David Cadiz might live in a landlocked state, but that doesn’t prevent him from pursuing his maritime passion.
The Arizona resident captains tugboats out of San Francisco Bay, helping to escort big container ships into and out of port, rescuing disabled vessels halfway to Hawaii, helping with fueling operations and more.
He typically works 12-hour daily shifts for two weeks straight, then has two weeks off. That helps to explain how Cadiz can make such an unusual commute work.
It starts with a two-hour drive from his home in Prescott Valley to Phoenix Sky Harbor International Airport, where he boards a flight to Oakland. Cadiz likes the small-town feel and clean air in and around Prescott, and he’s quick to note that living costs are much lower there than in the Bay Area.
Lengthy commutes common
Actually, it’s not unusual for colleagues at Centerline Logistics, the marine-transportation and fueling company for which Cadiz works, to have similarly long commutes or even lengthier ones. Partly, that’s because many of these workers are on the job for weeks or months on end, then receive a commensurate amount of time off. One vessel engineer at Centerline commutes nearly halfway around the globe, from Turkey to Seattle.
Cadiz typically pays his own commuting costs to and from the Bay Area, although Centerline picks up the tab if the company deploys him temporarily to ports in Southern California, Alaska or somewhere else off his normal beaten path.
While shipping has slowed during the COVID-19 pandemic, such activity hasn’t stopped. In fact, tugboat operations are considered essential services, helping to keep cargo including oil, containers and automobiles moving.
A Centerline spokeswoman described the company as a “portable gas station” for large ships that enter port. The company counts about 675 employees across the nation.
While Cadiz said tugboat operations are pretty routine in the Bay Area, the usual maritime risks are always present, including fire, drownings and collisions. The latter can be a real threat when the area’s trademark heavy fog rolls in.
“You still need to bring a ship in, even when you can’t see it,” he said.
Besides, tugboats often are maneuvering in tight spaces and moving in different directions from the ships they’re tending. “Anytime you’re running backwards on water, it can be dangerous,” he said.
Pleasure boats that share the bay, particularly on weekends, present another, less obvious risk. Wooden boats don’t always show up on radar, and their skippers sometimes don’t stay as clear as they should from commercial vessels.
Big ships must remain on narrow tracks in the deepest parts of the channel and often don’t have much room to maneuver, which isn’t always apparent to amateur sailors.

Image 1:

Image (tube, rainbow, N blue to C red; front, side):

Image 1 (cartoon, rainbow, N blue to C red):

“If there’s a race or regatta going on, they’re always cutting in front of you,” Cadiz said.
Enjoying the sights
The beauty of San Francisco Bay isn’t rivaled by many other places on Earth, and Cadiz said he enjoys the skylines, the bridges, islands and more, including occasional trips up the Sacramento River, which feeds the bay.
He and his colleagues often see birds, whales, porpoises, seals and many other types of wildlife. “The sad thing is that when whales wind up in the harbor, they’re usually lost,” and can have a hard time making it back to their pods in open ocean, he said.
While at work, Cadiz lives onboard his vessels, typically in tight quarters with three other crew members. Between operations, safety drills, painting, maintenance and other chores plus sleeping, there isn’t much time for sightseeing.
“We’re busy all the time,” he said. “Our sightseeing is pretty much limited to trips to Safeway.”
Cadiz is divorced but said his unusual work stints weren’t the reason for the breakup. Relationships can suffer from having so much time apart, but they also can thrive, especially as the time off is a period uninterrupted by work. And if the timing does become a problem, maritime workers at Centerline can request different schedules, often at different ports, he said.
“With 14 days on and 14 days off, I can basically live anywhere in the country,” he said.
Four decades on the water
Cadiz, 59, served in the Coast Guard before joining Centerline 29 years ago. He graduated from Apollo High School in Glendale and still has family in the Phoenix area. He previously worked at the ports of Long Beach and Los Angeles but transferred to the Bay Area, where the company offers longer shifts.
All told, he has spent more than four decades on the seas, including with the Coast Guard, and he keeps coming back for more.
“I never consider my work to be a job,” he said. “It’s a hobby I get paid for.”
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